First, most teams don’t work. They don’t trust each other. They are not led in a way that creates a culture where people feel trust. Think of most of your peers  – how many do you trust? How many would you trust with a special, dangerous, or brilliant idea?  I’d say, based on my experiences at many organizations, only one of every three teams, in all of the universe, has a culture of trust. Without trust, there is no collaboration. Without trust, ideas do not go anywhere even if someone finds the courage to mention them at all.

Second, most managers/leaders are risk averse. This isn’t their fault, as most people are risk averse. We have evolved to survive and that typically means being conservative and protecting the status quo. Looking at you in the audience I can tell you I don’t see anyone who has dressed innovatively, or is behaving creatively right now. You are all sitting in nice little rows, dressed in nice, but conservative business attire. This is not a surprise. Most people, most of the time, behave much as you are right now, certainly if anything involving work is concerned.

But without the ability to take risks, innovation and progress can not happen. Even if you have a good idea, to bring it into the world is risky. Even if you can develop that idea into a good product, you must release it into the world and there are a hundred unfair reasons outside of your control that will change how that ideas is perceived and whether it will succeed or fail.  The history of innovation and progress of all kinds is made up mostly of failures for this reason, and any great successful revolution you hear of was almost certainly proposed and rejected many times before it found any support in the world at all. You’ll find very few big ideas that were adopted with immediate open arms and unconditional love by those in power.We know this, which is why we often keep our best ideas to ourselves. They are much safer there.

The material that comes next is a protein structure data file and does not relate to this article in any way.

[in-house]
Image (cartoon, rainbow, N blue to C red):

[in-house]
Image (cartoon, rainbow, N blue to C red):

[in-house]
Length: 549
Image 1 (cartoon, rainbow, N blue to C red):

Without teams of trust and good leaders who take risks innovation rarely happens. You can have all the budget in the world, and resources, and gadgets, and theories and S-curves and it won’t matter at all. Occam’s razor suggests the main barrier to innovation are simple cultural things we overlook because we like to believe we’re so advanced. But mostly, we’re not.